most astonishing development of the last six years is not the scandals
that have surfaced and not even the routine acceptance of same by investors.
The passing of prior generations and the "sizzle" of new technology have
conspired to convince investors and speculators that the environment has
changed for the better, for the MUCH better and permanently so. However,
the market remains an arena where human frailties can cause the grossest
judgments to occur. It is not only the emotional response of the
mania that has brought us closer to a fall out from which we will not easily
recover - the circumstances are driven as well by mechanical factors such
as the U.S. stock market have never experienced before. When I was
invited to speak before the I.F.T.A., I immediately knew there was only
one direction in which my presentation could go, the metamorphosis
of the American stock market.
of sentiment has changed significantly.
of investment has changed dramatically.
I was 8 years old when I heard about the Roaring
Twenties for the first time. My Dad was a stockbroker in 1929 and
he told me all the stories of the great rise in prices and the crash that
followed. In 1930, the stock market suffered a staggering 51% loss
in capitalization, an amount equal to 80% of the gross national product.
And it changed the way Americans viewed the stock
market for decades to come. Risk became a four letter word.
My Dad did the only thing that made any sense. He placed all of his
stock certificates in a safe deposit vault at National City Bank and forgot
Finally, in 1968, after receiving letters from
asset tracers for at least 20 years, he caved in. After 39 years,
he had to know what he had forgotten about. That is real fear.
That is capitulation. My Father's experience was certainly not unique.
An entire generation lost respect for the market and avoided risk.
So, what was in the vault? I spent weeks
at the Brooklyn Business Library, looking up corporate names in huge dusty
Commerce Clearinghouse volumes. He had plenty of wallpaper to be
sure, like Lawyer's Title & Guarantee, which went from 400 to zero.
He had certificates of every kind and description, spin-offs, takeovers
and even some real survivors. One set of certificates read Chase
National Bank on the front and on the back, read, "Amerex Corp. attached
share-for-share." If anyone thinks they have heard this story before,
they have. It appeared in Nelson Demille's book Gold Coast
a few years ago [ED NOTE: PAGE 42]. The
story is true and originated with my Dad's experience. We finally
found out why the asset tracers were trying to hunt him down for a 50%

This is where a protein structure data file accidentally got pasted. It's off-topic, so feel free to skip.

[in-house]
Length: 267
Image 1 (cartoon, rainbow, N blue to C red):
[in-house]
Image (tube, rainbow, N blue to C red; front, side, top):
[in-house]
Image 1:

fee. Amerex was the forerunner of American Express and the company
had no idea how to get in touch with him for the dividends that had accrued.
So, he didn't have to pay the asset tracers a dime, but the happy ending
came almost four decades later. The long term had bailed him out,
but my father was then 69 years old.
Over the 39 years he waited, the Dow gained an
average of 2.6% per year. Dividends averaged 4.7%, a rather large
difference from todayís stock market.
[ED NOTE: THE S&P 500
YIELD 1.7%, THE DOW INDUSTRIALS YIELD 2.2%]
Fast forward to the year 2003. Despite a
veritable stock market mania, the subsequent collapse of Nasdaq and the
eradication of more than 40% of total stock market capitalization, capitulation
in the classic sense of the word was nowhere to be found. Newsletter
writers never really gave up on the market. For a period of 190 weeks after
the Dow peaked in January 2000, bears outnumbered bulls only nine times.
Strategists continued to allocate 70% to stocks just as if a bull market
had been in effect all along. And although mutual funds did briefly
experience net outflows, they were tame by comparison to the fallout of
both the 1972 and 1987 tops.
The nature of sentiment has changed significantly.
Fear and capitulation are not what they used to be. After the crash
in 1987, mutual fund outflows reached 11% of total fund assets. But
we had a far worse and just as dramatic price collapse for Nasdaq after
March 2000 and even a 50% collapse for the S&P 500, yet mutual outflows
only reached 3.6% of total assets. In 2001, the loss in market cap
was more than 31% of our GDP. Yet there were only three weeks in
the entire year where bearish newsletter writers proliferated over bulls,
strategists maintained high allocations to stocks and mutual fund inflows
remained positive in seven months and were positive for the year.
Looking at chart #1, one can easily see the impact
of wealth losses after the 1929 crash - sufficient to generate the kind
of fear and loathing experienced by my father and countless others like
him. Incredibly, even with losses of the same magnitude following
the collapse of Nasdaq in the current bubble, there was anything but fear
and loathing for stocks.
On July 30, 2001, at Dow 10,400, strategist's stock
allocations were at 71%. Fourteen months later at Dow 8200, only two weeks
from the bottom - strategists STILL had 70% allocations to stocks.
A pattern has developed - a resistance to fear
- much of which is based on purely mechanical factors - and as an effect
- there is an artificial imbalance in demand. This is the linchpin
of a metamorphosis of the financial markets - and the metamorphosis does
not augur well for the future of the U.S. stock market, the world markets,
or for Technical Analysis.
Stocks have become the biggest business in the
world. NOTHING is bigger. When prices peaked in 2000, an average